Cities and their ecosystem partners have the opportunity to create economic and social value for their citizens by leveraging data as a strategic asset. The data economy is not only about collecting data feeds from thousands of Internet of Things (IoT) devices, or applying machine learning, it is about business model innovation. Data can deliver the insights to policy decision makers or for service managers that must deliver personalized services. Data can become the currency for freemium services, whereby consumers get access to service for free, for instance wi-fi, but the service operator makes money through advertising or other means, or micro-transactions, whereby consumers pay a marginal fee for increased convenience of service, for instance to pay utility bills at a grocery store or collect social security payments at the local post office. One city I met during a panel at the conference, mentioned how they are piloting using water metering data, originally collected to optimize the operations of the water distribution network, to monitor the health conditions of elderly living alone, by detecting anomalies of excessive or scarce usage of water and then possibly triggering alerts for social workers. Cities that can scale these alternative business models, by investing in data science and business skills, and setting up the right commercial agreements with ecosystem partners, will deliver innovative services and increase sustainability of their finances.
To best leverage data across domains and ecosystems and to make sure that the insights from data can be injected into business processes to increase their efficiency and effectiveness, cities must take a platform approach to their technology architecture. It is only through platforms that can securely deliver data integration, data governance, data analysis, process orchestration, API services and collaborative tools that cities can realize the value of their investments. One of the cities that I met in Barcelona is leveraging its investment in a bike sharing fleet and the related technology to install sensors on the bikes, so that they can collect more granular, geo-located data on traffic, air, noise pollution, and road conditions. Cities that continue to conceive their technological roadmap in silos will not be able to scale pilots that they have launched in specific domains, such as smart bins, or bike sharing.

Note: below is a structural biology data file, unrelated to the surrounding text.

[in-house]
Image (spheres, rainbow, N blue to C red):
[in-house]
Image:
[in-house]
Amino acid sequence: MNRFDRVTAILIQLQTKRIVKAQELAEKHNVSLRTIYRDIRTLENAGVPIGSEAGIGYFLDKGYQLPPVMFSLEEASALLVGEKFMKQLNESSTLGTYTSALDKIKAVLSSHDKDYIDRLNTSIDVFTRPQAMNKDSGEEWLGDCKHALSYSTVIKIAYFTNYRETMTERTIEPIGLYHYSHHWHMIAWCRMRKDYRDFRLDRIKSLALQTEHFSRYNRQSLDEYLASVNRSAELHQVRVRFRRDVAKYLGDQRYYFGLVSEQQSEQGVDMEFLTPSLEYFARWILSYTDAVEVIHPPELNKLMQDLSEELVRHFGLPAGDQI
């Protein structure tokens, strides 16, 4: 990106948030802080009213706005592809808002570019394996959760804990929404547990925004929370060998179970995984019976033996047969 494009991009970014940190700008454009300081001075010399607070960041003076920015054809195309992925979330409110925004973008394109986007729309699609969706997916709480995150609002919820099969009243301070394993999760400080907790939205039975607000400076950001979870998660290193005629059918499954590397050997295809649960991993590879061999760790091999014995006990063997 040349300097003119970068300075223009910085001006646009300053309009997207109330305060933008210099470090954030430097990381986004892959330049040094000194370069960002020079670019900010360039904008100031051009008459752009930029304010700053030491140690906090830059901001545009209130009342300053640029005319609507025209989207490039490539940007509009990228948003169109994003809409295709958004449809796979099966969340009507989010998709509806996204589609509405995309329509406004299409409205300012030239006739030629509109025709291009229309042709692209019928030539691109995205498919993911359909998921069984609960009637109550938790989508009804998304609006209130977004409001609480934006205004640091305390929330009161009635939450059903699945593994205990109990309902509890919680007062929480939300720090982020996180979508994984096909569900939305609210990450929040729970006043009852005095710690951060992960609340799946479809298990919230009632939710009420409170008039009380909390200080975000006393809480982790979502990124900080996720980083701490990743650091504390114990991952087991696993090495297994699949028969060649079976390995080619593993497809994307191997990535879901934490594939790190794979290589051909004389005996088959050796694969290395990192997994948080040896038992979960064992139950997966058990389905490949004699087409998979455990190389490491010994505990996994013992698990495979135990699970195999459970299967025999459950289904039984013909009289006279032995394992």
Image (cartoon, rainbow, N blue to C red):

One may think that smart cities are about data and analytics, IoT and the digital twin, electric autonomous vehicles, blockchain and artificial intelligence. True, those five groups of technologies are opening up endless possibilities to innovate. But municipal leaders that want to make their cities smarter through innovation must focus first on: citizen centric outcomes, neighborhood context, ecosystem, alternative business models enabled by the data economy, and working with technology companies that can supply the right platforms.